MN Exports Up 6% In 4th Quarter But Down In 2013
Minnesota exports grew 6 percent between the fourth quarters of 2012 and 2013 to be valued at $5.4 billion, Minnesota’s Department of Employment and Economic Development (DEED) said Tuesday.
The growth is slightly above the national rate of 4 percent. DEED reported that the quarterly export rate had not exceeded 5 percent since the third quarter of 2011. DEED attributed the growth to strong exports to China—which were up $194 million, or 35 percent, to $743 million—and Mexico, which grew 32 percent to $439 million.
“Minnesota had a strong fourth quarter and was one of 19 states that saw exports grow more than 5 percent,” DEED commissioner Katie Clark Sieben said in a statement.
The growth however, largely hinged on the volatile ore/slag/ash product group, which has a tendency to swing dramatically from quarter to quarter, DEED noted. That group jumped 63 percent to $200 million in the fourth quarter.
Minnesota’s largest exporting region, North America, was flat overall at $1.9 billion. Canada, the largest market, actually saw sales decrease 7 percent from the same period a year ago to $1.48 billion, due to lagging demand for mineral fuel products.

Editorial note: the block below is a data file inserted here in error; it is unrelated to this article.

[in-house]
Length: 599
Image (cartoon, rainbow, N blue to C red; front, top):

Clark Sieben said, however, that DEED’s outlook for 2014 was positive and she expects the quarterly growth trend to increase with the addition of three new foreign trade offices in Dusseldorf, Germany; Sao Paolo, Brazil; and Seoul, South Korea. The additional foreign trade offices were part of a $1.5 million investment by the state’s Minnesota Global Competitive Initiative. While South Korea and Germany are among the top 10 export destinations, sales to Korea dropped in the fourth quarter on weakening demand for aircraft products.
Still Down for the Full Year
Despite the gains during the fourth quarter, full-year Minnesota exports (valued at $20.7 billion) were down 0.5 percent, or $107 million, from 2012.
Minnesota fared poorly compared to the national average; U.S. exports as a whole grew 2.1 percent in 2013.
Minnesota's dip in exports may make it difficult for the state to achieve previously announced exporting goals. For example, Governor Mark Dayton previously announced an initiative that aims to increase exports from Twin Cities-area companies from $17.6 billion in 2010 to $35 billion by 2017.